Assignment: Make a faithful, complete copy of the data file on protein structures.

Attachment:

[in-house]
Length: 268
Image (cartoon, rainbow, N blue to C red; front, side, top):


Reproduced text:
[in-house]
Length: 268
Image (cartoon, rainbow, N blue to C red; front, side, top):